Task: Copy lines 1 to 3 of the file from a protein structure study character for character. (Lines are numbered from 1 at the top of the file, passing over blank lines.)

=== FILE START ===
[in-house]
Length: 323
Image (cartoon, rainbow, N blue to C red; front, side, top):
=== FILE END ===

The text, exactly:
[in-house]
Length: 323
Image (cartoon, rainbow, N blue to C red; front, side, top):